New Delhi: The Indian Army has completed building ‘extreme weather habitats’, including tents with heating, for thousands of additional troops deployed in Ladakh to gear up for the harsh winter season, even as India and China’s proposed disengagement and de-escalation talks to end the border stand-off remain at a standstill.
“In order to ensure operational efficiency of troops deployed in winters, the Indian Army has completed establishment of habitat facilities for all troops deployed in the sector,” a government source told The Hindu.
The smart camps come with integrated arrangements for electricity, water, heating facilities, health and hygiene, The Hindu‘s report says, citing an army source. The construction was completed by mid-October. For future requirements, the report said, “adequate civil infrastructure had also been identified”.
Apart from the heated tents, the army recently procured 15,000 ‘extreme weather clothing’ from the US for the additional troops deployed in the region. The order was placed in early July with the US under the bilateral logistics pact, Logistics Exchange Memorandum of Understanding, and the delivery has now been completed, the report added.
With an altitude of 14,000-18,000 feet, the area where troops are deployed experiences heavy snowfall from December onwards. Temperatures dip down to minus 30-40 degrees, due to which road access is disrupted to the areas for sometime.
The army stocked up rations and supplies in advance during the summer months to gear up for the winters. However, the India-China border dispute led to additional troop deployment in Ladakh, and prompted a need to significantly ramp up the stocks for them.
Nearly 50,000 troops of the Indian Army are currently deployed in a high state of combat readiness in various mountainous locations in eastern Ladakh in sub-zero conditions as multiple rounds of talks between India and China have not yielded any concrete outcome to resolve the military standoff that erupted in early May. China has also deployed an equal number of troops, according to government officials.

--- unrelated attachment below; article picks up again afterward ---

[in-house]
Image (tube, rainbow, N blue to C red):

According to the Indian Express, four commands of the Indian Army — northern, western, eastern and central commands — are authorised to have Extreme Climate Clothing and Equipment, which is largely rewuired for “high and very high altitude (8,000-18,000 feet)” and Special Clothing and Mountaineering Equipment needed for “super high altitude (above 18,000 feet)”.
At the last round of military talks between the Indian Army and the People’s Liberation Army (PLA), the latter proposed that troops from both the sides should return to their “original locations on the south bank of lake Pangong Tso”.
According to reports, the PLA also indicated that it was ready to move its troops back to Finger 8 and proposed moving back tanks and artillery to the depth areas on either side. This, the PLA said, would help avoid any “untoward incidents” as tensions are high and troops are battling a harsh winter.
(With inputs from PTI)
This article was edited to remove an erroneous claim on the amount of snowfall in the area.